I recently had minor eye surgery. It was tough (I do have a low pain threshold) having two needles stuck into your eye ironically reminded me to see myself more clearly. The whole experience showed me how I continue to play into my default ‘Be strong’ default mode I’ve developed over a lifetime. I was calm and confident prior to the procedure but failed to grasp some of the realities of the situation. I was too focused on appearing strong and even in the midst of the treatment I was telling the doctor I could cope and refusing my sister’s support because I thought I could handle it. Thankfully my twin sis can read through my words and quickly appeared and I’m grateful as she endured me squeezing her hand with a fearsome grip she recounted past times of resilience providing me with evidence that I’ve endured painful times before. The whole experience got me reflecting on how many other times I’ve defaulted to my ‘Be strong’ mode in my professional and personal life. In this particular case I thought I was protecting myself but in reality, I was making it harder for myself. The irony of this is not is lost on me as somebody in my work as a coach mentor who does a lot of rescuing and when I need rescuing, I don’t recognise it for myself even in extreme circumstances of pain. The problem with playing into this kind of role is the assumption that others then develop of you. There in is the rub especially if you’re from a marginalized identity. I thought about whether or not I should share this experience but think it might help at least one person to reflect on the stories and labels they might be projecting on themselves that may not be helping them. Are you in this crew?#MooreTips: Owning my vulnerabilities, asking for helping and continuing to increase my self-awareness are lifelong lessons which I was painfully reminded of from this whole experience.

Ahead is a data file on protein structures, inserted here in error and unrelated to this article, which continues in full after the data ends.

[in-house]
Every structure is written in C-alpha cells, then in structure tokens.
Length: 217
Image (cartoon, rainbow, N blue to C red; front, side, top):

The Power of One